"MyMizu is a fun, sustainable way to avoid plastic waste. After all, not only does the MyMizu app show you where you can fill up your water bottle for free, it is also a trendy shop and restaurant guide, which is what motivates many of the partners to participate in this project. It’s a sustainable, environmentally friendly cycle that everyone can benefit from!"
World Bicycle Relief has been building extremely hard-wearing bicycles designed to withstand the harsh conditions in developing countries, especially in parts of Africa and South America, since 2011. Rugged cargo bikes can be used to cover long distances in a shorter time, which allows more time for work and provides greater transport capacity. People who often have to move heavy loads on uneven roads for less than a dollar a day benefit most from the durability, simple repair and low cost of spare parts. What else is special: Not only are bicycles provided, but mechanics are also trained to ensure long-term mobility.
"The project solves mobility problems in those parts of the world where affordable and reliable transport is not available. And what’s more, the bikes can be repaired by the participants themselves, which makes a positive contribution to sustainability at the same time. Every detail of this project has been well thought-out."
The 'My Farmer My Story' project networks students and local farmers in northern Rwanda so that they can work together. The students do a kind of internship with experienced farmers and are allowed to put the theoretical knowledge they have learned during their studies to the test in actual practice or to develop new solutions to everyday problems in agriculture together with the farmers. Both sides benefit from this important input: the farmers, who learn about new ways and techniques that can be used in traditional agriculture – the agricultural science students from insights into the daily challenges facing the farmers. The aim of this measure is to change traditional agriculture in Rwanda so that farmers work in a more professional, market-oriented way. First indication of success: The project has so far been able to contribute to a 57% increase in the maize harvest – 40 farmers and 22 students have already been involved.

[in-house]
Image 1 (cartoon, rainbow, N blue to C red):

'My Farmer My Story' gets young people together with farmers in Rwanda, with both sides profiting from this connection. The farmers in particular get new ideas and information for their daily work and possible solutions to move their activities more in the direction of professional, market-oriented processes – which fights famine in the long run. A simple but brilliant idea!"
The popular "Nudel Emma" in Überlingen is the first inclusive bistro to use a unique digital system for people with cognitive limitations. Employees are supported in completely autonomously preparing and serving food in a restaurant without the need for any further human assistance. Video projections and sensors accompany the interactive meal preparation and indicate what should be added to the bowl as the next ingredient. This independent way of working strengthens the self-confidence of people with disabilities and makes them an active part of society. The assistance system was developed by the Berlin-based Freigeist Lab and was successfully launched in the Nudel Emma as a pilot project.
"The project is an impressive combination of a technically innovative workplace with the inclusion of people with disabilities. The mobile “Nudel Emma” pop up restaurant enables people to meet eye-to-eye, making it a model for an interactive, sustainably designed catering concept. A truly innovative social concept."